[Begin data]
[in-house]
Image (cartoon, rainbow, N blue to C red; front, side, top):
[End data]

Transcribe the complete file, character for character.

[in-house]
Image (cartoon, rainbow, N blue to C red; front, side, top):